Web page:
"The pay scale [for home health aides] is also relatively low, and they don't have health care benefits, on top of that," Chin added.
Wage issues are keeping the number of geriatricians at an all-time low, as well. Geriatricians are crucial, the experts said, because they look not at a particular disease or body site, but at the older person as a whole. However, a recent U.S. Institute of Medicine report found that geriatricians remain the lowest paid medical specialty of all.
Boosting the number of geriatricians, nurses and well-trained home health care aides will be a top priority in easing the eldercare "squeeze," the experts agreed. The same can be said for recent moves by government and medical institutions to cut down on red tape and better coordinate care, especially between the hospital and home.
In the meantime, aging Americans should plan wisely, especially since resources vary widely state by state.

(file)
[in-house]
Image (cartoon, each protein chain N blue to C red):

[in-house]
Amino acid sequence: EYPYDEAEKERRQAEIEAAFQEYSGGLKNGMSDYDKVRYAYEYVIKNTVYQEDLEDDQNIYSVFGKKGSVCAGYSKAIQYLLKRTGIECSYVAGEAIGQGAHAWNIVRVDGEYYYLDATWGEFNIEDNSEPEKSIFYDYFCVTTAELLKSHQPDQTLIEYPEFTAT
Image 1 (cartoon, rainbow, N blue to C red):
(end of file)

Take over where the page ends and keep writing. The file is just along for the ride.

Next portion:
"Friends will call and tell me, 'My mother's moving to South Carolina.' I often tell them 'Well, you better check out what's available,' " said Pat Ford-Roegner, CEO of the American Academy of Nursing. "Ask what services are available for long-term care. But, people just aren't thinking that way."
One good resource: The National Association of Area Agencies on Aging (www.n4a.org), found in every state, can give details on what's available to you locally.
It also pays to think about how you will pay for long-term care, since Medicaid only kicks in after personal finances are exhausted -- something Raphael labeled "a policy of pauperization."
In the end, it will be middle-income Americans who feel the squeeze most, according to Sheehy, who is currently writing a book about her care-giving experience.
"For people who are very wealthy, if the family cares about
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